Session 154

Embeddedness, Networks and Non-Market Strategies

Track A

Date: Monday, October 8, 2012


Time: 16:30 – 17:45


Room: Meeting Hall IV (b)

Session Chair:

  • Jonathan Doh, Villanova University

Title: New Directions in Nonmarket Strategy: Institutional Perspectives in a Multi-Polar World


  • Thomas Lawton, Open University
  • Jonathan Doh, Villanova University

Abstract: In this paper we review the dominant paradigms in nonmarket strategy research and report on the key insights and findings from each perspective. We suggest that the integration of institutional and strategic perspectives provides a logical path for the continued development of this research domain. Looking ahead, we argue that institutional perspectives will have greater importance in nonmarket literature due the rise of BRIC economies. As companies internationalize and of necessity invest more time and resource in developing and deploying nonmarket processes and practices, we anticipate that institutional concepts will cross-fertilize further with nonmarket strategy and general management theories.

Title: Strategic Alliances and Environmental Performance


  • Thomas Graf, IE University
  • Carl Joachim Kock, IE Business School
  • Luis Diestre, IE Business School

Abstract: Why do some firms pollute heavily while others reduce their pollution, sometimes even beyond minimum requirements? We argue that strategic alliances with “green” or “black” firms influence the assessment of such strategies by the focal firm. Alliances with environmentally strong partners may provide valuable knowledge on how to reduce pollution efficiently. Alliances with polluting firms on the other hand may provide information on how “to get away with that” - for example, by a more symbolic stakeholder management. Drawing on facility-level pollution data from the EPA Toxic Release Inventory (TRI) we built a sample of 216 firms from the US manufacturing industries and found support for our arguments.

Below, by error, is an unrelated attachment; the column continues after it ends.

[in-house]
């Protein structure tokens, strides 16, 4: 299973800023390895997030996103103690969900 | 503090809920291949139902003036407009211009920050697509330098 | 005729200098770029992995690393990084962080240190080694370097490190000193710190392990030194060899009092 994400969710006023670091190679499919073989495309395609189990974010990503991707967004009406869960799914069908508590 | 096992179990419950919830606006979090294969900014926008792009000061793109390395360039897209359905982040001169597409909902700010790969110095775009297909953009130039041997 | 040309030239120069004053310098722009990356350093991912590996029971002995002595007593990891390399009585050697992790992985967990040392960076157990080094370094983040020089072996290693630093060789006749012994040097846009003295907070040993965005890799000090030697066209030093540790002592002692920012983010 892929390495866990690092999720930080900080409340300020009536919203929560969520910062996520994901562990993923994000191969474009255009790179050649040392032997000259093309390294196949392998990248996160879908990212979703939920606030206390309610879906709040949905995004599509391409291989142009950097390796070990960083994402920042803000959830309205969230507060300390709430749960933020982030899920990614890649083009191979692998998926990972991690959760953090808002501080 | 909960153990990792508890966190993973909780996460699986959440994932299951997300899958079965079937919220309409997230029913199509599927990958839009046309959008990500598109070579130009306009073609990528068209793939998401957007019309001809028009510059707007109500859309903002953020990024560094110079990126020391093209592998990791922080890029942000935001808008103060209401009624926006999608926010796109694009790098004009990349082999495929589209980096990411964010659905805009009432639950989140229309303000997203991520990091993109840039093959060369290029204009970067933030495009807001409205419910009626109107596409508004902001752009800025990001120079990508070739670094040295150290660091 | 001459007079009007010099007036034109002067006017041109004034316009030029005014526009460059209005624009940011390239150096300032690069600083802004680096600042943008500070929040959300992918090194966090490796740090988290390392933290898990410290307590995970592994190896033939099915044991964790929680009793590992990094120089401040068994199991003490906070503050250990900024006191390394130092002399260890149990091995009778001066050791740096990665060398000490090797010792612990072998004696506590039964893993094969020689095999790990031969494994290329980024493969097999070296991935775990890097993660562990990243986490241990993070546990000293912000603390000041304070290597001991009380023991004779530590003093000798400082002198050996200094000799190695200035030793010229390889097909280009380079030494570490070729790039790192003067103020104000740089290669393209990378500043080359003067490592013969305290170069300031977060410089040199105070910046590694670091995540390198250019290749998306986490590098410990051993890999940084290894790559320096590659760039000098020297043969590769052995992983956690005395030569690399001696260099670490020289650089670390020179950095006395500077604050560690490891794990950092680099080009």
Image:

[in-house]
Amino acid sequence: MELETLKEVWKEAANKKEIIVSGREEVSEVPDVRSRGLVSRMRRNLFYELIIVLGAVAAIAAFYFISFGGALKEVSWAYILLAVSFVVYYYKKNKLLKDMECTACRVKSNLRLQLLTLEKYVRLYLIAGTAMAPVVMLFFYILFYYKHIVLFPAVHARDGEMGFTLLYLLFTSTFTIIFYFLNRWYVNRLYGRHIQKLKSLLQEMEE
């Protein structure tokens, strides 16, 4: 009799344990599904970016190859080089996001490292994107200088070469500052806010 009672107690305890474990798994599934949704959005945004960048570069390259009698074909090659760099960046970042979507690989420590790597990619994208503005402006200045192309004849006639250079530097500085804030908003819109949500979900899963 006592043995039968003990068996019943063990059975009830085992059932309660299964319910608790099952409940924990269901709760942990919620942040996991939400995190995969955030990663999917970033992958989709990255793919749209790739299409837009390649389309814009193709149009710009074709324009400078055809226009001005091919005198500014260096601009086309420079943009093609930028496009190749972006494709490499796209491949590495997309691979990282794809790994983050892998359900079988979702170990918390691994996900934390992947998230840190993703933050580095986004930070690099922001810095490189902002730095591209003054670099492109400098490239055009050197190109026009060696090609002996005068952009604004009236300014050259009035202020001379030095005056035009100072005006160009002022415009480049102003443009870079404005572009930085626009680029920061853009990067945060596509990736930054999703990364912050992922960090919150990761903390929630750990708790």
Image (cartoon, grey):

Title: The Impact of Practice-breaking and Practice-building Tactics on Firms’ Resource Commitment in the Solar Photovoltaic Industry


  • Panayiotis Georgallis, University of Michigan

Abstract: In this study we attempt to disentangle the mechanisms of influence by which social movements shape firm strategy. We define and discriminate between practice-breaking and practice-building tactics undertaken by social movements, and compare their differential effects on firms’ propensity to commit resources to the solar photovoltaic (PV) industry, one of the industries most favored by the environmental movement. Moreover, we examine how these two different types of influence tactics interact to shape firms’ commitment in solar PV. Contributions for research investigating social movements’ impact on organizations as well as for the strategy literature are outlined.

Title: Unintended Consequences of Political Endorsement: The Effect of Government Endorsement on Firms’ Social Responsiveness in a Transitional Economy


  • Xiaowei Luo, INSEAD
  • Danqing Wang, University of Hong Kong

Abstract: Research on business-government relationship has documented its benefits for firms but has paid less attention to the costs. We investigate why politically endorsed firms by the government are vulnerable to heightened expectations from the government as well as how they respond strategically by complying with expectations that constrain discretion the least. We test this framework in China in the early 2000s. We find that political endorsement has a strong effect on firms’ engagement in philanthropy but not on protecting the environment, and that the effect of endorsement on philanthropy is stronger for private firms than for state-owned firms. This study contributes to resource dependence theory, and enhances our understanding of the consequences of political endorsement and of the antecedents of CSR in transitional economies.

All Sessions in Track A...

Mon: 08:00 – 09:15
Session 147: Emerging Market Firms and Complex Institutional Environments
Mon: 09:30 – 10:45
Session 220: Political Strategies in Transition Contexts
Mon: 13:30 – 14:45
Session 221: National Institutions and Firm Behavior
Mon: 16:30 – 17:45
Session 154: Embeddedness, Networks and Non-Market Strategies
Tue: 08:00 – 09:15
Session 153: Cognition, Bounded Rationality and Strategy
Tue: 11:00 – 12:15
Session 151: Coevolution of Institutions and Firm Strategy
Session 152: Institutional Change and Innovation
Tue: 14:15 – 15:30
Session 155: Institutional Transitions and Internationalization Strategies
Tue: 15:45 – 17:00
Session 219: Strategic Responses to Institutional Change
Tue: 17:30 – 18:45
Session 150: Legitimacy, Liabilities and Institutions

Strategic Management Society